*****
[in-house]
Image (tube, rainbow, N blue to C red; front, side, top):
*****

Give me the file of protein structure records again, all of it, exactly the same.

[in-house]
Image (tube, rainbow, N blue to C red; front, side, top):